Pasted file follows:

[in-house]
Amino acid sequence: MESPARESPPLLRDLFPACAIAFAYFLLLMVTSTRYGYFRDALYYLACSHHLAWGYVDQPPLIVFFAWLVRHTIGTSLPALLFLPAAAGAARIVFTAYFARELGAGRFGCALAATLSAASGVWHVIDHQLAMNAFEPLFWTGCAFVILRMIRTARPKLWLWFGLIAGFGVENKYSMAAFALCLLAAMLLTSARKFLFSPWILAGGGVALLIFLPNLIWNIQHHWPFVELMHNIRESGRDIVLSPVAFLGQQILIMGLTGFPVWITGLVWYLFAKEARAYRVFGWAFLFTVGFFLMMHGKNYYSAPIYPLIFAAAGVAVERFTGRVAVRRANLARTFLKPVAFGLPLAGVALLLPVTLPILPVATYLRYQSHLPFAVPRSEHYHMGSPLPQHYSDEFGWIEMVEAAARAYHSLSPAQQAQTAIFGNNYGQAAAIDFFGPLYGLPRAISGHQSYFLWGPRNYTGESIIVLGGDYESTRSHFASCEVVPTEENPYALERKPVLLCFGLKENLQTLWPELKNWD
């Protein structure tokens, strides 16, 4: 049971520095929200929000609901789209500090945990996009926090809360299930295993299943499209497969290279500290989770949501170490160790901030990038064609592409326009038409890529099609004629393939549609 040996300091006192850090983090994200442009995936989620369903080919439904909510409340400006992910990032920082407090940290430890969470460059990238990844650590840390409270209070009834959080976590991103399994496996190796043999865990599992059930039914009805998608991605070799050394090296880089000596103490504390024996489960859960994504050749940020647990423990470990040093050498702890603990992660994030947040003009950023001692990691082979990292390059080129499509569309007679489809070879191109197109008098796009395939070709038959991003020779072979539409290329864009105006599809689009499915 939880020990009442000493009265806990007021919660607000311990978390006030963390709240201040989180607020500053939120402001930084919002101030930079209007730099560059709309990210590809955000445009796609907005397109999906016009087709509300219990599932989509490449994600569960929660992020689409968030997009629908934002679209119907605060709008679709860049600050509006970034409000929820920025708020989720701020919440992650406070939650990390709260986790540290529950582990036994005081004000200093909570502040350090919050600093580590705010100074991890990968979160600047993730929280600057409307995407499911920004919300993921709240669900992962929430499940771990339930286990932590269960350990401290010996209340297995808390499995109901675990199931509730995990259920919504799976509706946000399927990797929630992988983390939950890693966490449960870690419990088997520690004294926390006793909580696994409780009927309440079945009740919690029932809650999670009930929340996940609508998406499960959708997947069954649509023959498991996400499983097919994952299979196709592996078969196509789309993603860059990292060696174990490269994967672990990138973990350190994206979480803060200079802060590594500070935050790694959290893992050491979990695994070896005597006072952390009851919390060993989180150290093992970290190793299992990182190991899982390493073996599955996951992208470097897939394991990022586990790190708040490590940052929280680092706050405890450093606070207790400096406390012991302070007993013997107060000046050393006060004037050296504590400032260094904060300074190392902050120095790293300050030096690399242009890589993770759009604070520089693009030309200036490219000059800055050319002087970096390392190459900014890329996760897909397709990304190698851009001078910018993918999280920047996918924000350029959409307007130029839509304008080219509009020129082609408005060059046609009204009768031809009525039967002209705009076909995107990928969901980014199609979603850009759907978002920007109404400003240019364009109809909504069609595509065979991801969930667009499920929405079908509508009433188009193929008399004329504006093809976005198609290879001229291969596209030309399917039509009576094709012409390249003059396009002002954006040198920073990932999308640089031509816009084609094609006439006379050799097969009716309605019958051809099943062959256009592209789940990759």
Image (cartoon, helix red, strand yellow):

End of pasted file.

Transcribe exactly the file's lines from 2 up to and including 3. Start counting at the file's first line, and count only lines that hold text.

Amino acid sequence: MESPARESPPLLRDLFPACAIAFAYFLLLMVTSTRYGYFRDALYYLACSHHLAWGYVDQPPLIVFFAWLVRHTIGTSLPALLFLPAAAGAARIVFTAYFARELGAGRFGCALAATLSAASGVWHVIDHQLAMNAFEPLFWTGCAFVILRMIRTARPKLWLWFGLIAGFGVENKYSMAAFALCLLAAMLLTSARKFLFSPWILAGGGVALLIFLPNLIWNIQHHWPFVELMHNIRESGRDIVLSPVAFLGQQILIMGLTGFPVWITGLVWYLFAKEARAYRVFGWAFLFTVGFFLMMHGKNYYSAPIYPLIFAAAGVAVERFTGRVAVRRANLARTFLKPVAFGLPLAGVALLLPVTLPILPVATYLRYQSHLPFAVPRSEHYHMGSPLPQHYSDEFGWIEMVEAAARAYHSLSPAQQAQTAIFGNNYGQAAAIDFFGPLYGLPRAISGHQSYFLWGPRNYTGESIIVLGGDYESTRSHFASCEVVPTEENPYALERKPVLLCFGLKENLQTLWPELKNWD
């Protein structure tokens, strides 16, 4: 049971520095929200929000609901789209500090945990996009926090809360299930295993299943499209497969290279500290989770949501170490160790901030990038064609592409326009038409890529099609004629393939549609 040996300091006192850090983090994200442009995936989620369903080919439904909510409340400006992910990032920082407090940290430890969470460059990238990844650590840390409270209070009834959080976590991103399994496996190796043999865990599992059930039914009805998608991605070799050394090296880089000596103490504390024996489960859960994504050749940020647990423990470990040093050498702890603990992660994030947040003009950023001692990691082979990292390059080129499509569309007679489809070879191109197109008098796009395939070709038959991003020779072979539409290329864009105006599809689009499915 939880020990009442000493009265806990007021919660607000311990978390006030963390709240201040989180607020500053939120402001930084919002101030930079209007730099560059709309990210590809955000445009796609907005397109999906016009087709509300219990599932989509490449994600569960929660992020689409968030997009629908934002679209119907605060709008679709860049600050509006970034409000929820920025708020989720701020919440992650406070939650990390709260986790540290529950582990036994005081004000200093909570502040350090919050600093580590705010100074991890990968979160600047993730929280600057409307995407499911920004919300993921709240669900992962929430499940771990339930286990932590269960350990401290010996209340297995808390499995109901675990199931509730995990259920919504799976509706946000399927990797929630992988983390939950890693966490449960870690419990088997520690004294926390006793909580696994409780009927309440079945009740919690029932809650999670009930929340996940609508998406499960959708997947069954649509023959498991996400499983097919994952299979196709592996078969196509789309993603860059990292060696174990490269994967672990990138973990350190994206979480803060200079802060590594500070935050790694959290893992050491979990695994070896005597006072952390009851919390060993989180150290093992970290190793299992990182190991899982390493073996599955996951992208470097897939394991990022586990790190708040490590940052929280680092706050405890450093606070207790400096406390012991302070007993013997107060000046050393006060004037050296504590400032260094904060300074190392902050120095790293300050030096690399242009890589993770759009604070520089693009030309200036490219000059800055050319002087970096390392190459900014890329996760897909397709990304190698851009001078910018993918999280920047996918924000350029959409307007130029839509304008080219509009020129082609408005060059046609009204009768031809009525039967002209705009076909995107990928969901980014199609979603850009759907978002920007109404400003240019364009109809909504069609595509065979991801969930667009499920929405079908509508009433188009193929008399004329504006093809976005198609290879001229291969596209030309399917039509009576094709012409390249003059396009002002954006040198920073990932999308640089031509816009084609094609006439006379050799097969009716309605019958051809099943062959256009592209789940990759």